My friends and I used to battle it out for who could be more generous.  We’d always enjoy trying to pay for one another.  Now we’re too poor to hang out with each other.  Half of them still live with their parents to avoid paying rent.  I look at my generation and I see an epidemic of drugs used to treat an epidemic of depression.  If it wasn’t for my drive and my lack of emotions, I’d probably be in the same boat.  Considering how much weed I was smoking, maybe I was in the same boat.  I’m surrounded by a generation of kids who were told that if they stayed in school and worked hard, they’d be able to land themselves a good career and that a good career would lead to a comfortable life.  I’m surrounded by a generation of the most educated kids we’ve ever produced, entering into a rapidly deteriorating job market, with the highest cost of living we’ve experienced in modern history.  We’re barely treading water.  Something’s gotta give.

Maybe it’s the birth rate.  Maybe this is how we cull the population.  I literally broke up with the first girl I thought I’d marry because she was fixated on having children in the immediate future.  I wasn’t willing to bring a family into this world without building a foundation first.  The biological clock is real.  And my heart goes out to the women struggling to understand what they should be doing at a time like this.

I saw Paul Ryan on TV the other night saying that the Republican tax reform was going to give the middle class the boost it needed to get back to having kids.  What a bold faced lie.  But that’s become the status quo for American politics.  Only a few of us will actually put the effort into understanding what’s going on.  The rest of us will just pick a team.  Red or Blue.  By picking a team, we think we’re taking a stand for what we believe in.  But we’re not.  Red or Blue, it’s the same song and dance.  The value of a politician isn’t a function of policies, their ability to inspire, or their ability to govern – it’s their ability to raise funds for their campaign.  Why?  Because the best campaign wins the seat.  But in the age of billion dollar campaigns, where is this funding coming from?  Big business and the top 1%.  So is an elected official’s loyalty to the people who voted for them?  Or to the people who paid for them?  If you’re not sure, I suggest you ask net neutrality.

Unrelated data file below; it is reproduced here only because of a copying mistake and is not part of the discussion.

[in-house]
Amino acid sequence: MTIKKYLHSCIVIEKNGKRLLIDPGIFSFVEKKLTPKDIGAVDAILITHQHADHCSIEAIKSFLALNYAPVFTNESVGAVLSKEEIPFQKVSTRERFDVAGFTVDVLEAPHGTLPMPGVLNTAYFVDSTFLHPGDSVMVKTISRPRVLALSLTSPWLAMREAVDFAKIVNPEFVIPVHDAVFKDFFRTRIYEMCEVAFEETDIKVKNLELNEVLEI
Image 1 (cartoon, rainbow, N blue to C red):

With problems this obvious though, how are we not motivated towards change?  I’d argue that we are.  Trump was elected for exactly that reason.  As much as I liked Obama, he didn’t do enough to stop what was coming.  People were left behind.  All the pain and disillusion that we’re seeing in major cities today, the rural towns were ahead of the curve.  But they were team red.  They were loyal.  And someone on team red came along and said I have all the answers, here’s who you should blame, and if they ever say otherwise, they’re lying.  MAGA.  And half the country became complicit.